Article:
25. Kulkarni AV, Bahuguna IM, Rathore BP, et al. (2007) Glacial retreat in Himalaya using Indian Remote Sensing satellite data. Current Science 92(1): 69–74. Available online at: http://www.currentscience.ac.in/Downloads/article_id_092_01_0069_0074_0.pdf (Accessed on 9 October 2014)Google Scholar
  26. Lei LP, Zeng ZC, Zhang B (2012) Method for Detecting Snow Lines From MODIS Data and Assessment of Changes in the Nianqingtanglha Mountains of the Tibet Plateau. Ieee Journal of Selected Topics in Applied Earth Observations and Remote Sensing 5(3): 769–776. DOI: 10.1109/JSTARS.2012.2200654.CrossRefGoogle Scholar
  27. Levinsen JF, Howat IM, Tscherning CC (2013) Improving maps of ice-sheet surface elevation change using combined laser altimeter and stereoscopic elevation model data. Journal of Glaciology 59(215): 524–532. DOI: 10.3189/2013JoG12J114.CrossRefGoogle Scholar
  28. Liu CH, Shi YF, Wang ZT, et al. (2000) Glacier resources and their distributive characteristics in China: a review on Chinese glacier inventory. Journal of Glaciology and Geocryology 22(2): 106–112. (In Chinese)Google Scholar
  29. Maussion F, Scherer D, Mölg T, et al. (2014) Precipitation Seasonality and Variability over the Tibetan Plateau as Resolved by the High Asia Reanalysis. Journal of Climate 27(5): 1910–1927. DOI: 10.1175/JCLI-D-13-00282.1.CrossRefGoogle Scholar
  30. Moholdt G, Nuth C, Hagen JO, et al. (2010) Recent elevation changes of Svalbard glaciers derived from ICESat laser altimetry. Remote Sensing of Environment 114(11): 2756–2767. DOI: 10.1016/j.rse.2010.06.008.CrossRefGoogle Scholar
  31. Neckel N, Kropacek J, Bolch T, et al. (2014) Glacier mass changes on the Tibetan Plateau 2003–2009 derived from ICESat laser altimetry measurements. Environmental Research Letters 9(1), 014009. DOI: 10.1088/1748-9326/9/1/014009.CrossRefGoogle Scholar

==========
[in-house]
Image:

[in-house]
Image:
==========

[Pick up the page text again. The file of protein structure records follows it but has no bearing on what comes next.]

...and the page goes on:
32. Nuth C, Kaab A (2011) Co-registration and bias corrections of satellite elevation data sets for quantifying glacier thickness change. Cryosphere 5(1): 271–290. DOI: 10.5194/tc-5-271-2011.CrossRefGoogle Scholar
  33. Pieczonka T, Bolch T, We JF, et al. (2013) Heterogeneous mass loss of glaciers in the Aksu-Tarim Catchment (Central Tien Shan) revealed by 1976 KH-9 Hexagon and 2009 SPOT-5 stereo imagery. Remote Sensing of Environment 130: 233–244. DOI: 10.1016/j.rse.2012.11.020.CrossRefGoogle Scholar
  34. Schenk T, Csatho B (2012) A New Methodology for Detecting Ice Sheet Surface Elevation Changes From Laser Altimetry Data. Ieee Transactions on Geoscience and Remote Sensing 50(9): 3302–3316. DOI: 10.1109/TGRS.2011.2182357CrossRefGoogle Scholar
  35. Shangguan DH, Liu SY, Ding YJ, et al. (2007) Glacier changes in the west Kunlun Shan from 1970 to 2001 derived from Landsat TM/ETM+ and Chinese glacier inventory data. Annals of Glaciology 46: 204–208. DOI: 10.3189/172756407782871693.CrossRefGoogle Scholar
  36. Shi YF, Yao TD, Yang B (1999) Decadal climatic variations recorded in Guliya ice core and comparison with the historical documentary data from East China during the last 2000 years. Science in China Series D-Earth Sciences 42: 91–100. DOI: 10.1007/BF02878857.CrossRefGoogle Scholar
  37. Shi YF, Liu SY, Ye BS, et al. (2008) Concise glacier inventory of China. Shanghai Popular Science Press, Shanghai, China. pp 145–146. (In Chinese)Google Scholar
  38. Stroeve JC, Box JE, Haran T (2006) Evaluation of the MODIS (MOD10A1) daily snow albedo product over the Greenland ice sheet. Remote Sensing of Environment 105(2): 155–171. DOI: 10.1016/j.rse.2006.06.009.CrossRefGoogle Scholar